Your family and the church

Dustin Neeley recently posted an article entitled:  Lead Your Family Well,  on the Resurgence website.   The article has some important words of wisdom:

1. The church can get another pastor, but your kids can’t get another dad.

2. The church can get another pastor, but your wife has only one husband – and she needs a good one.

3. A day off is not just a good idea.  It is essential.

I like two comments Dustin makes under this point: “Pick a Sabbath, Keep it and Fight for It”; and although it is kind of cheesy (sorry) Dustin and his family call their Sabbath Monday Funday.

What Dustin says above is both wise and godly but I have a few problems with how Dustin works these out:

“I talk to fathers all the time who lament their absence during their childrens’ formative years because of working too much. Even though this is often true for pastors, it shouldn’t be.”

In speaking about  wives “…do as much as you can to set clear boundaries between the church and home, and frequently check up on whether or not she enjoys being a part of the church. If she doesn’t want to attend the church where you are the pastor, then it is a problem you need to deal with.”

“The first flock you lead is not the one that gathers on Sunday, but the one that lives at your house.”

4 thoughts:

1. Biblically my family is more than my nuclear family – in Africa we have a saying that “It takes a community to raise a child.”  This saying whilst not biblical per se, seems to resonate with the ethos of the Bible more than the Western nuclear family, self-sufficient and self-reliant.

2. The assumption that ministry will require you to be absent from your home for long periods, is an unhelpful one.   More and more ministry should be that which invites other into our home, to share our life and our faith together, to eat and laugh, watch movies and pray.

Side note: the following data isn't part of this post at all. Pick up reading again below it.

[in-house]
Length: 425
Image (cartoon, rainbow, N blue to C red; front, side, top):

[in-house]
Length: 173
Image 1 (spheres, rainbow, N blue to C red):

I want my son to grow up not hating the church because it is always taking his dad out of the home.  But I do want him to grow up learning to share his dad and his family and his home with others, to learn to serve, and love.  And when I do leave the house – I want to attempt to take along my family or a family member whenever possible to experience serving and laying down my life and loving the Word and prayer with me at all times.

3. Jesus has some interesting words about family… Who does Jesus say are his family?

He replied to him, “Who is my mother, and who are my brothers?” Pointing to his disciples, he said, “Here are my mother and my brothers.  For whoever does the will of my Father in heaven is my brother and sister and mother.” Matthew 12:48-50

I know that Jesus does not say to ignore our immediate family.  But I do think this passage rather uncomfortably and counter most church culture does seem to say that it is the church family (for this we need a robust understanding of church) that takes first alliegance.  Now the truth is that our immediate family is a part of that church and that they fall under our immediate responsibility as “elders” of our homes.  This is not semantics, the Bible I think teaches us that our starting point is not “our family” but church.

After all…

“If you love those who love you, what reward will you get? Are not even the tax collectors doing that? And if you greet only your brothers, what are you doing more than others? Do not even pagans do that?” Matthew 5:46-47

4. Our lives are too compartmentalized – I need to model an integrated life to my family, a life where ministry is all of life and there is never a day off from loving people.

But I do believe in a Sabbath…

If you need a day off from your family you have a dysfunctional family – but who better to sabbath with than your family?

I take a rest from doing the work of the church but not from being the church

Sabbath at my home must become like a taxi – always room for one more…

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~ by John on December 11, 2009.

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